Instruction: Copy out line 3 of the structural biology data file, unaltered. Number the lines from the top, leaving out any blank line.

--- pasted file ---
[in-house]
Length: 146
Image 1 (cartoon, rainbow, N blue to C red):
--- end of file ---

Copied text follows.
Image 1 (cartoon, rainbow, N blue to C red):